Unto the Hills Around Do I Lift Up -John D. S. Campbell


On two different occasions, Paul spoke of singing “psalms and hymns and spiritual songs.” (Ephesians 5:18-19 and Colossians 3:16). The apostle admonished believers to sing, using those three words to identify the variety of musical expressions to be used. Scholars don’t all agree on what Paul meant by these three different terms, but psalms was certainly one of them. The book of Psalms was the “hymnal” used in Jewish worship for centuries. Psalms were written as poetry, but ancient Hebrew poetry was quite different from today’s poetry. It rarely used rhyme and never used what is considered meter. It’s also not known what ancient Hebrew music actually sounded like. 


Until the time of Isaac Watts (1674 -1748), the established Church and independents in the English-speaking world had sung rhymed, metrical translations of the Psalms. These were published in books called Psalters and used a few simple tunes for all the Psalms. Watts sensed the need to improve the churches’ poor singing and changed the course of congregational singing. He paraphrased the Psalms into hymn-like poems that were easily sung to well-chosen tunes. Watts wrote hundreds of hymns and greatly influenced many hymn writers who came after him.


Written in 1877, “Unto the Hills Around Do I Lift Up” is a fine example of a Psalm paraphrased for congregational singing. This paraphrase of Psalm 121 was written by John D. S. Campbell and was included in his “Book of Psalms.” Campbell was a British nobleman whose father was the Duke of Argyll, a title he assumed on his father’s death. He served as a member of Parliament in the House of Commons and, in 1871, married Princess Louise, daughter of Queen Victoria. He was appointed Governor General of Canada for five years and then returned to England to again serve in Parliament. He died of pneumonia in 1914 while vacationing on the Isle of Wight.


The tune “Sandon” that was commonly used for “Unto the Hills Around Do I Lift Up” was composed by Charles H. Purday and first used for another hymn in his 1860 hymnal. Purday possessed an excellent singing voice and was the presenter, or song leader, for many years at the Scottish Church of Drury Lane in London. He sang for Queen Victoria’s coronation in 1837. He was a music publisher and, with Francis Havergal, published “Songs of Peace and Joy” in 1879.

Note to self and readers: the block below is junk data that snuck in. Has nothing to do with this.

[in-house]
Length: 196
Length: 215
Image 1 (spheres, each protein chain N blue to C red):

The four stanzas of Campbell’s paraphrase faithfully follow Psalm 121:1-8, encouraging believers to look to God above for help in the trials of life. The Psalm is filled with the promises of God, Who is in charge of all creation and yet lovingly cares for sinners who put their trust in Christ. How comforting to know He never sleeps nor takes a vacation. I will lift up mine eyes unto the hills, from whence cometh my help. My help cometh from the Lord, which made heaven and earth (Psalm 121:1-2).


Unto the hills around do I lift up My longing eyes:
O whence for me shall my salvation come, From whence arise?
From God the
Lord doth come my certain aid,
From God the
Lord, who heav’n and earth hath made.
He will not suffer that thy foot be moved: Safe shalt thou be.
No careless slumber shall his eyelids close Who keepeth thee.
Behold, he sleepeth not, he slumb’reth ne’er,
Who keepeth Israel in his holy care.
Jehovah is himself thy keeper true - Thy changeless shade
Jehovah evermore on thy right hand Himself hath made.
And thee no sun by day shall ever smite:
No moon shall blind thee in the silent night.
From ev’ry evil shall he keep thy soul, From ev’ry sin:
Jehovah shall preserve thy going out, Thy coming in.
Above thee watching, he whom we adore
Shall keep thee henceforth, yea, for evermore.


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